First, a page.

A Kindergarten for Impoverished Children
- We bought a stovetop, cooking gas, and kitchenware and served good nutritious food to the children daily. On Fridays, we began to send home food for their families, many of whom often live with little or no food for days.
- We clothed the children in hand-sewn uniforms and sturdy shoes. (They danced the first day with joy!) We provided plenty of socks and underwear too —luxuries here.
- We took children to the doctor and bought medicines when they were ill, especially with malaria or worms, perhaps saving lives.
- We helped one orphaned child to leave a tragic home life where she went for days without food, was routinely beaten, and forbidden to enroll in grade 1. She now lives in a good home environment, with Montessori schooling through grade 12.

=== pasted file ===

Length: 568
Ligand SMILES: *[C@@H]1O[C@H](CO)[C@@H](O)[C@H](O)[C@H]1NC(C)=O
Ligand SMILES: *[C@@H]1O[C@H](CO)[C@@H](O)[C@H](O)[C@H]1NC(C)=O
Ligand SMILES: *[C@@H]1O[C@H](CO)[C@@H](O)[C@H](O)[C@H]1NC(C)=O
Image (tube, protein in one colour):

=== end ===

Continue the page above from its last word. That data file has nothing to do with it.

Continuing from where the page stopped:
- We helped two other children without family members who could care for them to enroll in good, safe boarding schools for grades 1-12.
- We brought our kindergarten mothers and skilled nurses together for a workshop on nutrition and childhood illnesses. Each parent opted to be tested for HIV/AIDS, and to have her child tested. AIDS is still a plague and taboo subject here in Tanzania. Those children who tested positive may now receive all health care without charge from a first rate hospital here.
- We provided salaries for our fine teacher’s aide and cook/janitor. With these salaries, these women support their families. They form a great team with me.
- We hired a gifted, impoverished young artist to teach the children a few classes. When he became very ill, we funded his treatments.
- We supplied the children with good learning materials, play equipment, and art supplies. Our children quickly became beautiful painters, book lovers, and puzzle assemblers.
Thanks to our donors, we were able to expand our kindergarten to 18 impoverished children in 2017, an increase of 50%.